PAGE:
“And I want you to know the London Whale issue is dead,” Jamie Dimon recently told a bunch of school children. “The Whale has been harpooned. Dessicated. Cremated…I am going to bury its ashes all over.” [NYM]
JPMorgan can’t outrun the ripples from its multibillion-dollar “London Whale” trading blunder. The largest U.S. bank admitted Thursday in a federal filing that it pushed back a plan to resume share buybacks, scaled back several key measures of capital at the request of regulators and lost money on 28 trading days in the second quarter. The developments came as the New York company tried to unwind a series of problematic positions taken by a trader in the bank’s Chief Investment Office nicknamed the “London Whale” for his outsize market bets. [WSJ]
JPMorgan’s chief investment office has lost $5.8 billion on the trades so far, and that figure may grow by $1.7 billion in a worst-case scenario, Dimon, the bank’s chairman and chief executive officer, said today. [Bloomberg, related]
Update: And the winner is HHFM, with -$5.75 billion! Get in touch to collect your prize.
Did Bruno Iksil make the bank -$2 billion? -$9 billion? -$20 billion? Was this all just a hoax and he actually didn’t lose any money at all? JPMorgan will let us know tomorrow at 7AM. Read more »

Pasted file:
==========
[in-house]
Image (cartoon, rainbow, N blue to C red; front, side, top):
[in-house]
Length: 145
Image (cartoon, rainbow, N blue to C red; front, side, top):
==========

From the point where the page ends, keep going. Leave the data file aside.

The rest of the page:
Despite Jamie Dimon’s promise that JPMorgan will be “solidly profitable” for the quarter, some are skeptical given the growing estimates of Whale-boy’s losses. According Mike Mayo, the bank “will only make $727 million…including $4 billion of losses in the unit that made the bungled bet [though] if the losses exceed $5 billion, JPMorgan could make an overall loss.” Barclays’ Jason Goldberg thinks things are gonna be okay here, and sees the bank making $3.3 billion, assuming you know who will have only lost it $3 billion when all is said and done. And yourselves? Read more »